Triton Minerals [ASX:TON] Confirms Casualties at Mozambique Graphite Project
Graphite miner Triton Minerals Ltd [ASX:TON] shares plummeted on Tuesday after exiting a trading halt and updating the market on a security incident at its Mozambique mine.
In late Tuesday trade, TON shares were down 12% on a day punctuated by heavy selling market-wide, with the ASX 200 benchmark down 4.3%.
Syrah Resources [ASX:SYR], another graphite miner that had also been affected by the security incident last week, was also down 12% late on Tuesday.
SYR shares are now 28% in the past month:
Fatalities at the Ancuabe Graphite Project
Triton Metals exited a trading halt after giving the market further details on a recent insurgent attack at its Ancuabe site in northern Mozambique.
Triton reported that on Wednesday, 8 June, that the Ancuabe site came under attack.
Tragically, as a result of the attack, two of Triton’s security and caretaker staff died.
Triton said it is now supporting the affected.
The miner also said it’s liaising with local authorities and security forces while continuing to assess the situation.
Triton said that ‘no material damage occurred’, with the miner remaining ‘fully committed to the development of the Ancuabe Project’.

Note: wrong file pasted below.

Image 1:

‘Our thoughts and prayers are with those impacted by this attack,’ the company concluded.
Triton’s Executive Director Andrew Frazer commented:
‘The management and employees of Triton are devastated by the loss of our colleagues and our focus is on supporting our workforce in the region, and their families.
‘The security, health and safety of employees and contractors is critical to Triton.’
TON share price outlook — risk, reward, and politics
Despite Triton’s tragic update, questions remain.
For one, Triton didn’t disclose whether operations at the Ancuabe project are currently suspended.
Will Triton halt mining activities at the site until the security issues are resolved?
How will this impact the near-term operations at the project?
And can Triton ensure the safety of its workforce going forward?
No doubt the next weeks will see Triton grapple with these questions.
The attacks in Ancuabe highlight the sovereign risk miners incur in choosing to develop assets in politically volatile regions, despite the broader strength in the graphite theme.
Now, while lithium has snatched much attention away from other battery metals, the mass adoption of EVs is set to boost demand in metals like copper, nickel, cobalt…and graphite.
In fact, the flood of capital into the lithium sector is making our team at Money Morning think there’s a much smarter way to play the EV boom.